Over 6,100 offer prayers for war dead at event marking 72nd anniversary of Japan’s WWII surrender

by

Staff Writer

More than 6,100 people offered a prayer for the war dead during a state-sponsored ceremony at the Nippon Budokan hall in Tokyo on Tuesday, marking the 72nd anniversary of Japan’s surrender in World War II, with aging relatives conspicuous by their absence.

For the first time since Prime Minister Shinzo Abe took office for his second prime ministership in December 2012, no Cabinet members made controversial visits to the war-linked Yasukuni Shrine on the memorial day.

The oldest relative to attend the ceremony was Harumi Serigano, 101, whose soldier-husband, Hiroshi, was killed in Motobu, Okinawa, on June 24, 1945.

As more than seven decades have passed since the end of the war, the number of attending widows of Japanese soldiers, like Serigano — once the typical next of kin — has fallen to six this year from 954 in 1998.

According to the internal affairs ministry, the average age of widows of Japanese servicemen who are receiving a military pension now stands at 94.5.

Meanwhile, according to a June survey by NHK, 14 percent of 503 respondents across the country aged 18 and 19 said they didn’t know Aug. 15 was the anniversary of Japan’s World War II surrender. The result has underlined the growing difficulty in passing down collective memories of the war Japan waged in the 1930s and ’40s to members of younger generations.

At the ceremony, attendees observed a moment of silence for the 3.1 million Japanese war dead at noon, when the late Emperor Hirohito, posthumously known as Emperor Showa, addressed the nation 72 years ago by radio to announce that Japan had surrendered. The speech was made days after Hiroshima and Nagasaki were hit with U.S. atomic bombs, and many other cities lay in ruins after air raids.

In their respective speeches, Emperor Akihito and Abe delivered messages that were almost identical to those given at last year’s ceremony. The Emperor expressed “deep remorse” over the war, while Abe repeated his vow to keep Japan from waging war again.

Abe did not mention Japan’s wartime invasion of other parts of Asia or the damage and hardship endured by people in the areas of conquest. He has not spoken about the topic at the annual ceremonies since he took office for his current stint as prime minister in 2012.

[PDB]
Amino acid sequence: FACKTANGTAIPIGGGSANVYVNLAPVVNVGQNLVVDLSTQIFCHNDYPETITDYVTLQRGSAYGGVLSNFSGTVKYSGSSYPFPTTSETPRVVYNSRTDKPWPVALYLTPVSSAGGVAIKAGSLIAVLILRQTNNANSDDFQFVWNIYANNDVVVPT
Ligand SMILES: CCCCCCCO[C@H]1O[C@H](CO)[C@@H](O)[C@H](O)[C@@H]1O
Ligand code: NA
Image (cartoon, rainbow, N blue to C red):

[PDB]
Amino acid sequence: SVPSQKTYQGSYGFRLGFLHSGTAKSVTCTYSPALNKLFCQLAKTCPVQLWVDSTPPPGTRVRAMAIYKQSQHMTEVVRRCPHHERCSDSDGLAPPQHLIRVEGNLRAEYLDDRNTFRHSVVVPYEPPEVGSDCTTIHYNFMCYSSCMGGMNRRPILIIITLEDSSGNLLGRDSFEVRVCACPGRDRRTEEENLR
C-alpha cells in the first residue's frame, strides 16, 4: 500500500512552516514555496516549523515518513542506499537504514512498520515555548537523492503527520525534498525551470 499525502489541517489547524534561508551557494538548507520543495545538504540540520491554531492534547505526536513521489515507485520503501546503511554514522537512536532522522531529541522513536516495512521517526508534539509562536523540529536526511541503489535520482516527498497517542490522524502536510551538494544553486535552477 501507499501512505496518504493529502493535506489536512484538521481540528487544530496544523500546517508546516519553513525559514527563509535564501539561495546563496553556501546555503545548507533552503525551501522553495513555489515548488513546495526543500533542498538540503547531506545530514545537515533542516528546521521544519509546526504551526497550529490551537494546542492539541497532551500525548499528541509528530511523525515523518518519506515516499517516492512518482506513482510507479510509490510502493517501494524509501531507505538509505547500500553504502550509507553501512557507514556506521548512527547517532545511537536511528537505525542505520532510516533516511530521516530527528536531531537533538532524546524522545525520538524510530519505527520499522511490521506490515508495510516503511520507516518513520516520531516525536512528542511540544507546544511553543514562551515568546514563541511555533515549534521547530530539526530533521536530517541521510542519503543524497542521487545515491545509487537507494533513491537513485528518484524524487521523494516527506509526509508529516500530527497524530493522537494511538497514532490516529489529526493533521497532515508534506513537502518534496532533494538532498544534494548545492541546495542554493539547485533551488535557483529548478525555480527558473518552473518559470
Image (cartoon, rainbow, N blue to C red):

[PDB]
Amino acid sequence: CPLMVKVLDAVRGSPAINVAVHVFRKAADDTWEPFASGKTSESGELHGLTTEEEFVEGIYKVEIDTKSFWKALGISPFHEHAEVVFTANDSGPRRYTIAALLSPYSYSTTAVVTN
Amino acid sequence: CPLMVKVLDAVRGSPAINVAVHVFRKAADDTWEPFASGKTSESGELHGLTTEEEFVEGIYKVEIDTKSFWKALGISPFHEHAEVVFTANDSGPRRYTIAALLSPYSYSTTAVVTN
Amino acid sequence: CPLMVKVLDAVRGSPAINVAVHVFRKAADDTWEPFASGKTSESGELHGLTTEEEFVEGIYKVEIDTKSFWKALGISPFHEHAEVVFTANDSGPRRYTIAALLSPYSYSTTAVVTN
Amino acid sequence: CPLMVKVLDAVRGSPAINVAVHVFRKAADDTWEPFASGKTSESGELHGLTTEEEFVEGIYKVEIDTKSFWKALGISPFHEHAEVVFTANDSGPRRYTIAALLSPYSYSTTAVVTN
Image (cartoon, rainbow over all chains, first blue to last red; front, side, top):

All of Abe’s predecessors after 1993 mentioned in one way or another the responsibility Japan bore for the war in their speeches at the ceremonies.

“We will never again let the devastation of war repeat itself,” Abe said in his speech on Tuesday.

“Consistently since the end of the war, Japan has assiduously walked the path of a country that abhors war and values peace,” Abe added, repeating key phrases from the speech he delivered last year.

Meanwhile, Emperor Akihito said: “Reflecting on our past and bearing in mind the feelings of deep remorse, I earnestly hope that the ravages of war will never be repeated.”

Under the postwar Constitution, the Emperor is not allowed to engage in political activities, including expressing an opinion on any politically sensitive issue.

When the Emperor, for the first time, mentioned his “deep remorse over the last war” in his 2015 speech made at the 70th anniversary ceremony, it made headlines because discussing Japan’s wartime misdeeds still can be politically sensitive.

Hajime Watanabe, 83, speaking on behalf of bereaved families, told the ceremony, “We will devote ourselves to work to hand down to the next generations the miseries of war and the preciousness of peace and create a Japan and an international community that will never be involved in war.”

A fourth of the attendees at the ceremony were born after the war, including the fallen servicemen’s grandchildren. The youngest participants were Shoryu Miyagi from Okinawa Prefecture and Ayano Tanabe from Miyazaki Prefecture, both aged 6.

Abe reshuffled his Cabinet on Aug. 3, including an exit for Sanae Takaichi and Tomomi Inada, close aides who were regular visitors to Yasukuni Shirne.

China and South Korea regard the Shinto shrine as a symbol of Japan’s wartime militarism because it enshrines Class-A war criminals, including wartime Prime Minister Gen. Hideki Tojo, along with millions of Japanese war dead.